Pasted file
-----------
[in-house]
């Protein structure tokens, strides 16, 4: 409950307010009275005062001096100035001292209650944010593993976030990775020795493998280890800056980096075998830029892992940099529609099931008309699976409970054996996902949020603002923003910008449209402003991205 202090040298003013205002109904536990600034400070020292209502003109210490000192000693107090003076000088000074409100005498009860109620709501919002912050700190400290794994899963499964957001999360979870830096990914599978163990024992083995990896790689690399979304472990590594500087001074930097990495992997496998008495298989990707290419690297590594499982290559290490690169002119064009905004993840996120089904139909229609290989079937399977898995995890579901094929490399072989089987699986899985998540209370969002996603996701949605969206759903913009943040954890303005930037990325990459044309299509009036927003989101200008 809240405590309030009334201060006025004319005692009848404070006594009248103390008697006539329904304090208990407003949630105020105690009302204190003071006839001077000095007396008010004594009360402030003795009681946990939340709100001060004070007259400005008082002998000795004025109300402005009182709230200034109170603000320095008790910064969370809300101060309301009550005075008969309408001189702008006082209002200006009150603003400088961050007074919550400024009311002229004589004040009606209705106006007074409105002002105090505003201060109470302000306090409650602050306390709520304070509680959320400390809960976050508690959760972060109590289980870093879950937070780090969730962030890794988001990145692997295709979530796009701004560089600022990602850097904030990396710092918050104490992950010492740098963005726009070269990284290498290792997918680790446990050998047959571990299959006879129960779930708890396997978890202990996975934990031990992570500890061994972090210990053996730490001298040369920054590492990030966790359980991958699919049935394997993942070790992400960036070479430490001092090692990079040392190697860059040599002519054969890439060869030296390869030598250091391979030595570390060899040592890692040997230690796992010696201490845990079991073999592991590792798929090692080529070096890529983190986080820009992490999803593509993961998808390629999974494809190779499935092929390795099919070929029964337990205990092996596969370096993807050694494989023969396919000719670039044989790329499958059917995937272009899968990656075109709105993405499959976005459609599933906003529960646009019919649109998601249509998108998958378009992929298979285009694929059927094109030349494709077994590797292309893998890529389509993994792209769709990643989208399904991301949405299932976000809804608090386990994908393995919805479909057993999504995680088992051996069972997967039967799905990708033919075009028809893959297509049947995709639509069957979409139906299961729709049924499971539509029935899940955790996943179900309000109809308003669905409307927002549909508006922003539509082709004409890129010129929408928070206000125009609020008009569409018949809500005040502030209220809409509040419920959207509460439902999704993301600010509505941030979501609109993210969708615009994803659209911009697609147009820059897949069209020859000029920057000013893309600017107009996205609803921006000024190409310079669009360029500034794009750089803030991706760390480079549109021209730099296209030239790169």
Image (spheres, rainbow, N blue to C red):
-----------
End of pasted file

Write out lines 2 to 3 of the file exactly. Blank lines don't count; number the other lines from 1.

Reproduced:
């Protein structure tokens, strides 16, 4: 409950307010009275005062001096100035001292209650944010593993976030990775020795493998280890800056980096075998830029892992940099529609099931008309699976409970054996996902949020603002923003910008449209402003991205 202090040298003013205002109904536990600034400070020292209502003109210490000192000693107090003076000088000074409100005498009860109620709501919002912050700190400290794994899963499964957001999360979870830096990914599978163990024992083995990896790689690399979304472990590594500087001074930097990495992997496998008495298989990707290419690297590594499982290559290490690169002119064009905004993840996120089904139909229609290989079937399977898995995890579901094929490399072989089987699986899985998540209370969002996603996701949605969206759903913009943040954890303005930037990325990459044309299509009036927003989101200008 809240405590309030009334201060006025004319005692009848404070006594009248103390008697006539329904304090208990407003949630105020105690009302204190003071006839001077000095007396008010004594009360402030003795009681946990939340709100001060004070007259400005008082002998000795004025109300402005009182709230200034109170603000320095008790910064969370809300101060309301009550005075008969309408001189702008006082209002200006009150603003400088961050007074919550400024009311002229004589004040009606209705106006007074409105002002105090505003201060109470302000306090409650602050306390709520304070509680959320400390809960976050508690959760972060109590289980870093879950937070780090969730962030890794988001990145692997295709979530796009701004560089600022990602850097904030990396710092918050104490992950010492740098963005726009070269990284290498290792997918680790446990050998047959571990299959006879129960779930708890396997978890202990996975934990031990992570500890061994972090210990053996730490001298040369920054590492990030966790359980991958699919049935394997993942070790992400960036070479430490001092090692990079040392190697860059040599002519054969890439060869030296390869030598250091391979030595570390060899040592890692040997230690796992010696201490845990079991073999592991590792798929090692080529070096890529983190986080820009992490999803593509993961998808390629999974494809190779499935092929390795099919070929029964337990205990092996596969370096993807050694494989023969396919000719670039044989790329499958059917995937272009899968990656075109709105993405499959976005459609599933906003529960646009019919649109998601249509998108998958378009992929298979285009694929059927094109030349494709077994590797292309893998890529389509993994792209769709990643989208399904991301949405299932976000809804608090386990994908393995919805479909057993999504995680088992051996069972997967039967799905990708033919075009028809893959297509049947995709639509069957979409139906299961729709049924499971539509029935899940955790996943179900309000109809308003669905409307927002549909508006922003539509082709004409890129010129929408928070206000125009609020008009569409018949809500005040502030209220809409509040419920959207509460439902999704993301600010509505941030979501609109993210969708615009994803659209911009697609147009820059897949069209020859000029920057000013893309600017107009996205609803921006000024190409310079669009360029500034794009750089803030991706760390480079549109021209730099296209030239790169």
Image (spheres, rainbow, N blue to C red):